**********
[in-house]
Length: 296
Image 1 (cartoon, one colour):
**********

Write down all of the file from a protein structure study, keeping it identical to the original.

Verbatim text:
[in-house]
Length: 296
Image 1 (cartoon, one colour):